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febrifuge

febrifuge

febrifuge Sentence Examples

  • The species between Caravaya and the headwaters of the Huallaga yield very little of the febrifuge alkaloid.

  • But the forests of Huanuco and Huamalios abound in species yielding the grey bark of commerce, which is rich in cinchonine, an alkaloid efficacious as a febrifuge, though inferior to quinine.

  • The substance was discovered about the year 1835 by Hugh Rodie, a surgeon in Demerara, who used it as a febrifuge in.

  • The sulphate of quinine and the cinchona febrifuge thus produced are issued for the most part to medical officers in the various provinces, to gaols, and to the authorities of native states; but a large and increasing amount is disposed of in the form of 5-grain packets, costing a farthing each, through the medium of the post-offices.

  • The bark is of some value as a tonic and febrifuge.

  • The cultivation of the cinchona, several species of which have been introduced from South America and naturalized in the Sikkim Himalaya, promises to yield at a comparatively small cost an ample supply of the febrifuge extracted from its bark.

  • The bark has been employed for dyeing yellow and for tanning, and was formerly in popular repute as a febrifuge and tonic. The powder of the dried nuts was at one time prescribed as a sternutatory (to encourage sneezing) in the Edinburgh Pharmacopoeia.

  • borra, rough hair), a herb (Borago oJJicinalis) with bright blue flowers and hairy leaves and stem, considered to have some virtue as a cordial and a febrifuge; used as an ingredient in salads or in making claret-cup, &c.

  • In consequence of the high price of the alkaloid an attempt was made some years ago by the Government of India to manufacture from cinchona bark a cheap febrifuge which should represent the alkaloids contained in the bark and form a substitute for quinine.

  • This mixture is known as cinchona febrifuge, and is prepared chiefly from C. succirubra, which succeeds better in India than the other species in cultivation, and grows at a lower elevation, being consequently procurable in large quantities at a comparatively low price.

  • This is also the case with the cinchona febrifuge prepared from C. succirubra.

  • febrifuge, piscicide, POISON, for venereal disease (RAR ).

  • The species between Caravaya and the headwaters of the Huallaga yield very little of the febrifuge alkaloid.

  • But the forests of Huanuco and Huamalios abound in species yielding the grey bark of commerce, which is rich in cinchonine, an alkaloid efficacious as a febrifuge, though inferior to quinine.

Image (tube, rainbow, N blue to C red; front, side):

• The substance was discovered about the year 1835 by Hugh Rodie, a surgeon in Demerara, who used it as a febrifuge in.

  • The sulphate of quinine and the cinchona febrifuge thus produced are issued for the most part to medical officers in the various provinces, to gaols, and to the authorities of native states; but a large and increasing amount is disposed of in the form of 5-grain packets, costing a farthing each, through the medium of the post-offices.

  • The bark is of some value as a tonic and febrifuge.

  • The cultivation of the cinchona, several species of which have been introduced from South America and naturalized in the Sikkim Himalaya, promises to yield at a comparatively small cost an ample supply of the febrifuge extracted from its bark.

  • The bark has been employed for dyeing yellow and for tanning, and was formerly in popular repute as a febrifuge and tonic. The powder of the dried nuts was at one time prescribed as a sternutatory (to encourage sneezing) in the Edinburgh Pharmacopoeia.

  • borra, rough hair), a herb (Borago oJJicinalis) with bright blue flowers and hairy leaves and stem, considered to have some virtue as a cordial and a febrifuge; used as an ingredient in salads or in making claret-cup, &c.

  • That hitherto adopted by the Indian Government for the preparation of the cinchona febrifuge (see below) is simple, but the whole of the alkaloid present in the bark is not obtained by it.

  • In consequence of the high price of the alkaloid an attempt was made some years ago by the Government of India to manufacture from cinchona bark a cheap febrifuge which should represent the alkaloids contained in the bark and form a substitute for quinine.

  • This mixture is known as cinchona febrifuge, and is prepared chiefly from C. succirubra, which succeeds better in India than the other species in cultivation, and grows at a lower elevation, being consequently procurable in large quantities at a comparatively low price.

  • This is also the case with the cinchona febrifuge prepared from C. succirubra.

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